This idea, and many of the keys, came from a colleague of mine. Here’s how it worked: I got enough keys for all my students, and then made a tag for each key with a single, made-up line from a story.
I threw the keys in a jar, and each student got to pick out a key. The assignment was simple: tell a story that makes that line make sense.
The story lines:
* She gave me the key, then walked away, dragging the terrified child behind her.
* He looked behind him then whispered, “This key fits the third door.” He handed it to me then walked away, disappearing into the crowd.
* There on the rock, waves crashing around it, waited the key. The oars creaked as I rowed towards it.
* When the thunderstorm had finally passed, I saw a bit of metal by the road. It was a key.
* Why was there a key in the ice cream cone?
* I knew it was old, but which of these musty boxes, here in this spider’s nest of an attic, would the key fit?
* I hate this key and all the trouble it has caused.
* The key’s ridges were cutting my fingers, but I wouldn’t let go.
* The key fit locker #365 at the airport. What had they left me?
* He looked me in the eyes and whispered, “I got a key too, and it’s just like this one.”
* As the key sunk through the waves, I knew I’d be getting wet very soon.
* The key spun through the air. Four hands reached for it. Who would catch it?
* There was a 50/50 chance that this was the right key. I put it in the lock and hoped I’d picked the right one.
* A key was taped to the bottom of his top desk drawer. And there was a note.
* “It was an inside job! This key proves it!”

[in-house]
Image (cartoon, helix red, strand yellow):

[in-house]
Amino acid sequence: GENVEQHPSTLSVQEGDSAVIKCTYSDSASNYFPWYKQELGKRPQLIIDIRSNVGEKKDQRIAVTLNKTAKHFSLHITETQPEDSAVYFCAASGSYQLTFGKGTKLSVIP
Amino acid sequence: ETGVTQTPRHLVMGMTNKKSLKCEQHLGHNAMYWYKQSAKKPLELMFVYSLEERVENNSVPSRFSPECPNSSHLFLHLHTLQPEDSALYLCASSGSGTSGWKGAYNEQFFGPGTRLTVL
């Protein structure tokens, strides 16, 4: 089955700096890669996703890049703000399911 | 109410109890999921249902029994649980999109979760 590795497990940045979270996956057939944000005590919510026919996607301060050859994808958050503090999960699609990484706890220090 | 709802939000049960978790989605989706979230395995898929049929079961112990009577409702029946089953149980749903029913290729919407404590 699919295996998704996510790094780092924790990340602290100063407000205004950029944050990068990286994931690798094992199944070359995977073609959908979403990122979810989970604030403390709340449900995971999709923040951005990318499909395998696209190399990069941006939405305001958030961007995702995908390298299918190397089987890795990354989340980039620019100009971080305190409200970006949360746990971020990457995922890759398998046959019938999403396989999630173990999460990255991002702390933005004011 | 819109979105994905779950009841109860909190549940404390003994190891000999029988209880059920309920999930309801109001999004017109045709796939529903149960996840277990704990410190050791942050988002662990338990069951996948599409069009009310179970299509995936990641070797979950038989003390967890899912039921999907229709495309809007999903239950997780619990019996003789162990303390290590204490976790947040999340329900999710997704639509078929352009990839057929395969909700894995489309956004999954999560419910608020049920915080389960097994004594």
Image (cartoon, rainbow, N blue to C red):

* She sighed and handed over the key, knowing that months of work had just been lost.
* She collapsed in the meadow, exhausted. She rolled to her side and something sharp poked her in the ribs… a key!
* Through the decades of dust, a clear set of footprints was visible. leading deeper into the tunnel. I held the key tight and followed the footprints.
* She shoved aside cartons of spoiled milk and packages of moldy cheese. There it was in the back of the fridge, just like he said: the key.
* When he woke that morning, he never imagined that he would have to deal with both magical keys and hungry zombies.
* The package, postmarked thirty years in the future, was tiny. She opened the box to find a key.
* He couldn’t disagree. When he held the key, he too felt like a numbing cold creep through his body. * They found the frozen corpse at the bottom of the cliffs, a single key still clutched tightly in his left hand.
* A carrier pigeon was pecking at the window, a single key tied to its foot.
* They found the key at the bottom of the well, just like the treasure map showed.
* Like a shiny promise, the key taunted me, sparkling inside the glass case.
* I could see the key in her hand. And she saw that I saw.
* How in the world had this key followed me from Iowa to Oregon?
* I’d had the key in my pocket since Tuesday, but I didn’t know it.
I still feel like some of those lines are pretty lame, but overall, the students seemed to like and some fantastic stories were created.